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Interview with Diego Zanella, Owner at Aelia

Updated on June 4, 2021

7 Min Read
diego zanella

Diego Zanella is the Owner of Aelia, an ISV (independent software vendor) that specializes in web development, consultancy, and WooCommerce products. He has been working in this industry since 1998 and developed some of the best products for online payments for WooCommerce stores. Let’s read this interview to know more about him!

Mansoor: Hi Diego, it’s a pleasure to have you for this interview with us. Could you please tell us about yourself? Please also give our readers a quick overview of your career highlights.

Diego: Hi Mansoor! My name is Diego Zanella, I started my career in IT back in 1998, In Italy, right out of High School. I never got the chance to go to college, so I learned many important skills directly on the job. Before working on the web, I used to work in automation, from chemical plants to steel factories, to wineries.

My career has been a bit of an adventure. In the 25 years, I wore many different hats. I founded my first company around 2000, moved to Ireland to work for Microsoft in 2007, then worked for a global betting company until 2010. In 2011, I co-founded my second company, which, unfortunately, didn’t take off. In 2013, I met WordPress and almost by chance, it became my main profession. That’s when my current business, Aelia, was born.

Mansoor: Since you started your career as an IT professional in 1998, what major changes do you really like that have shaped modern web development?

Diego: As King Elrond said, “I was there, 3000 years ago”, when the Internet was born. My focus was on client/server applications and web development was in its infancy. Compared to the comparatively mature status of application development, the web was a mess. Anyone who worked with me could testify how much I disliked it. Then I saw it evolving, taking shape, and I saw the introduction of dozens of new tools, browsers, and standards that tried to make sense of the “everything goes” chaos.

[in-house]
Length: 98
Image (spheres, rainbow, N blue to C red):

I think that the situation started getting somewhat “normalized” only in the past 6 or 7 years. Over time, many tools became obsolete or got merged with others. The process to develop a web application became more structured, and the plethora of “latest trend” libraries got reduced to a more manageable, albeit still quite large, set. In my opinion, the availability of robust tools, with good documentation and a clear purpose, is what makes modern web development far more effective than it used to be.

If I were to pick some favorites, among the major changes, especially for what concerns WordPress, I would say the introduction of PHP 7.4 to 8.0 and TypeScript. Starting from version 7.0, PHP became a far more “serious” language than the previous versions, which features that improve code quality and robustness.

As for TypeScript, due to my background, I’m a die-hard fan of object-oriented programming and I can’t handle JavaScript’s functional programming too well. TypeScript allows me to use my existing skills and design complex applications using an architecture that is familiar to me. I wish it could run as a language of its own without all the transpiring steps, but even with that, it’s an amazing tool.

Mansoor: It’s not easy to run a business especially when you have competitors. What were the key challenges that you faced in the beginning and how did you overcome them?

Diego: Interestingly, I had a stroke of luck as well as the timing to grasp an opportunity. My main challenge was not to overcome my competitors because there were none. The challenge was to have a product to put on the market.

Aelia was born out of a solution I developed for my own personal use. In 2013, I needed to have a true multi-currency solution for my WooCommerce store. WooCommerce was at version 1.6 and there weren’t many plugins available. I wasn’t a WordPress developer, so I tried to hire someone to implement that feature for me, but nobody was interested. The spark came when a WooCommerce core developer told me to “forget about it” because it would have been impossible to implement that feature. Based on my experience, in coding nothing is impossible.